When do I have to pay Inheritance Tax?


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    When do I have to pay Inheritance Tax?
    December 16, 2022

    When someone dies, one of the biggest responsibilities of the executors is dealing with the Inheritance Tax. It’s essential this is dealt with within the required time limits to avoid any necessary penalties. Find out more in this conversation from Marsons Solicitors Partners, Beth King and Jennifer White.

    If you need to make a will or have an existing will that needs updating, contact Beth King today on 020 8313 1300 or beth.king@marsons.co.uk.

    When do we have to pay Inheritance Tax?

    A conversation with Marsons Partners, Beth King and Jennifer White


    J: When do we have to pay Inheritance Tax?

    B: It’s the executor’s responsibility to pay the Inheritance Tax. The first thing they’ve got to do is work out what is in the estate, what the assets are, and whether any gifts have been made in the seven years leading up to death, as they will affect the amount of Inheritance Tax that you have to pay, and whether you have to pay it at all.

    The time limit for submitting the forms to the Inland Revenue is 12 months from the date of the death. or from the end of the month of death, let’s put it that way.  So it can be slightly more than 12 months.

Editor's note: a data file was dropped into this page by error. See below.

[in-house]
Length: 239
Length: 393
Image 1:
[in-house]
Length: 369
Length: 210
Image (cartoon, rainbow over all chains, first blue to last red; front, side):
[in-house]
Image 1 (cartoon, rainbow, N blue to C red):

J: Yes

    B: And if you don’t put it in by then, then you’re going to pay £100 penalty just for not putting the forms in in time. However, if there is tax to pay. then it has to be paid within six months of the end of the month of death and after that interest will start to run. So it’s really important that you get on with it quite quickly and get the forms into the Revenue, really within six months, because otherwise interest’s going to start mounting up.

    J: There have been reports in the press about people being concerned about having to pay tax early, do you have any comments on that?

    B: You have to pay tax on everything except the deceased’s residence. So if you’ve got a property, then you have to pay the tax on that by the time you sell it. If you sell it, you then pay the tax, but if you keep it, you have to pay over a period of 10 years in 10 annual instalments, so you can spread that.

    If there’s no immediately available cash to pay the tax on everything else and the first instalment on any property tax, the banks will pay money out of bank accounts and they pay it direct to the Revenue. There’s just a form that you have to fill in and send to the bank, and they then send the money to HMRC for you. If there is no money, then it may be that a bank loan has to be arranged to pay the tax until you’ve got the Grant of Probate, and then you can go and empty the bank accounts, get the money out and repay the loan, but that’s quite rare in my view.


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    The information contained in this article is intended for general guidance only. It provides useful information but it is not a substitute for obtaining legal advice as the articles do not take into account specific circumstances. So do please Contact US for legal advice on the issues raised.